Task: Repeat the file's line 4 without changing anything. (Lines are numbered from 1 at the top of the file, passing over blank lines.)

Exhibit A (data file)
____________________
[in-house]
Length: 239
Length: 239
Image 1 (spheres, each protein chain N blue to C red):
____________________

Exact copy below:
Image 1 (spheres, each protein chain N blue to C red):